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WATCH: What have past pandemics, and COVID-19 taught us?

Novel coronavirus has sickened more than a million people in the United States, leading to tens of thousands of deaths. But this isn’t the first time the country has faced a major pandemic. How have the health and governmental responses to the 1918 flu and COVID-19 informed our preparation for future pandemics and a possible second wave of the coronavirus?

Public health expert, Dr. Leana Wen speaks to PBS NewsHour’s John Yang about past and present pandemic policies.

Watch the conversation live in the player above.

The novel coronavirus has sickened more than a million people in the United States, leading to tens of thousands of deaths. But this isn’t the first time the country has faced a major pandemic. How have the health and governmental responses to the 1918 flu and COVID-19 informed our preparation for future pandemics and a possible second wave of the coronavirus?

Public health expert Dr. Leana Wen speaks to PBS NewsHour’s John Yang about past and present pandemic policies.

The importance of social distancing

One of the lessons the world learned after the 1918 flu pandemic was the value of social distancing, Wen said. When the novel coronavirus overwhelmed testing in the U.S. and public health officials lost track of who had been infected or exposed, Wen said the country had to revert to this century-old “blunt instrument” to protect people and slow the spread of the virus.

This week, the Trump administration announced plans to ramp up testing and reopen the country, but millions of Americans have still gone untested.

Timely testing dictates the kind of care that a patient needs and what personal protective equipment health care workers need to wear while treating them in order to stay safe, Wen said. Without more pervasive testing to determine how widespread the virus is in communities across the country, Wen said, the U.S. has no way of knowing where the next hotspot is and therefore cannot reopen safely.

Under the Defense Production Act, President Donald Trump has the power to jumpstart manufacturing tests and the reagents needed to process them, Wen said, adding that he could be leveraging that authority to get even more testing supplies to places that need them.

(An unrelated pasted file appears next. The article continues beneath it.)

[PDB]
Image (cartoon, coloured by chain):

“The reason why we didn’t get testing initially is understandable,” Wen said. “The reason we’re not doing this now is not.”

Will there be a “second wave” of the coronavirus?

Another wave of COVID-19 infections could spread in two scenarios, Wen said. Public health officials, including Dr. Robert Redfield, the director for the Centers for Disease Control and Prevention, have speculated that a new round of COVID-19 infections could happen this fall, coinciding with seasonal influenza and posing a new set of challenges for the health care system and nation — both under strain from coping with this pandemic. Or, as states lift restrictions and encourage people to relax social distancing, she said “there could be a second wave well before the fall.”

Advice for essential workers

Social distancing is good for public health, Wen said, but it is a privilege, something that is done “to protect ourselves, but we do this to protect others who don’t have that option.”

For those who must work outside their home, Wen said to “try your best to reduce the total amount of risk that you have.” She offered this advice to essential workers trying to protect themselves and their families:

If you are able to avoid public transportation, drive or walk to work.
Wear a mask.
Wash your hands frequently, or keep sanitizer and alcohol-based wipes to maintain good hand hygiene.
Upon returning home, remove your clothes at the door, keep them in a separate place to be washed, and immediately wash your hands.

The importance of wearing masks

During the early days of the pandemic, CDC officials advised the public against wearing masks, but as the virus continues to spread, that guidance has changed, perplexing many people.

“The fact that things change, that guidance changes during a pandemic, is actually a good thing,” Wen explained. That means that the more research and studies that are being done to understand how this novel coronavirus behaves, the world’s knowledge about it also has evolved, forming “the cornerstone of a good public health response.”

“You’re changing along with the best, the best evidence and science,” she said.

When mounting evidence suggested strong links between asymptomatic transmission and COVID-19, Wen said the guidance around wearing masks changed “not to protect yourself from others. It’s to protect others from you in case you happen to be someone who is carrying the virus but just don’t know it.”

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